Cedar Park residents will elect a mayor and three City Council members on May 5.
Candidates may file between Jan. 17-Feb. 16.
To view the applications of current candidates, visit www.cedarparktexas.gov/departments/city-secretary/election-may-5-2018.
Bob Cornelius filed to run for the office of Mayor of Cedar Park on Feb. 16, according to city documents. Cornelius is a political strategist and founder and chief executive officer of 90 Degrees, an advertising and marketing firm for conservative initiatives and candidates, according to his campaign website, www.imbackingbob.com.
Cornelius's website says that his priorities are to rely more on sales tax and lower property taxes, create local jobs, focusing on public safety, expanding infrastructure, being accountable to citizens, eliminating tolls on Toll 183A and supporting Proposition A.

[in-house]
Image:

Corbin Van Arsdale applied to run for Cedar Park Mayor on Jan. 17, according to city documents. Van Arsdale currently serves as City Council Place 2, and previously held the position of Mayor Pro Tem and was a member of the Texas House of Representatives, according to the city’s website. He is the president and general counsel of AGC-Texas Building Branch, according to the site.
Van Arsdale said in a Facebook post that the top issues he wants to focus on in 2018 include public safety; passing a homestead exemption; better stewardship of land, water and air; transparency; improving transportation; expanding a regional emergency shelter for domestic violence victims; bringing new jobs; improving drainage; increasing access to nurses certified to assist victims of rape; and listening and working with fellow council members, city staff and city residents. His campaign website is www.corbincedarpark.org.